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I'm looking for a way to change the password for some user of a Windows box remotely from a Linux Box. Really I have to do it by running some program/system script on the Linux Box but without running anything more than standard services on the windows system.

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Really it is a programming question, but SO people closed it as not "programming related" so I guess it belongs to ServerFault. I write that to avoid being sent back to SO. –  kriss Jun 6 '11 at 22:05
    
So is a windows box or linux box? Your title and body say two different things. –  EEAA Jun 6 '11 at 22:08
    
The Question on SO has been edited to be more programming related, but I'm still interrested by means to do that using shell tools on Linux. –  kriss Jun 6 '11 at 22:23
    
@Erika: I'm running my script on Linux and the password of a remote Windows box should be changed. –  kriss Jun 6 '11 at 22:24

2 Answers 2

I am somewhat in doubt about what you are going to accomplish - changing a Windows user's password? By script?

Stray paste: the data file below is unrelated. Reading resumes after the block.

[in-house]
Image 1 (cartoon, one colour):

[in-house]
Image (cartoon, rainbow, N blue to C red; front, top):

If so, take a look into winexe - it uses RPC calls and allows you to run commands on the Windows machine without prior software installation (the Windows firewall must be configured for letting RPC through, tough). Running a net user <username> <password> on the Windows machine would do.

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Thanks for the link. I was looking for something using the SMB API, but winexe could indeed another way to do it. –  kriss Jun 6 '11 at 22:27
    
That would be really a SO question. But you always can take winexe's source code and incorporate it into your project to run a command. In theory, you should be able to use RPC for changing the SAM account information directly - I do not know if Samba's rpcclient would support that. –  the-wabbit Jun 6 '11 at 22:48

You can update the "unicodePwd" attribute of the user object using LDAP over SSL to reset a user's password. This is probably the most straightforward "cross-platform friendly" way to make such a change because, on the Linux site, you won't need any MSRPC infrastructure.

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Interesting, but the asker doesn't say whether this machine is joined to a domain or not. –  gravyface Jun 7 '11 at 1:12
    
@gravyface: Good point. I'm so used to living in Active Directory environments that I can't imagine not having one. Definitely a good point. –  Evan Anderson Jun 7 '11 at 2:42
    
Andersan: I should have said I already did that for machines that are in a domain, I'm looking for another solution for stand alone machines that are not inside a domain. But +1 anyway as I totally agree it's the best solution. –  kriss Jun 7 '11 at 8:02

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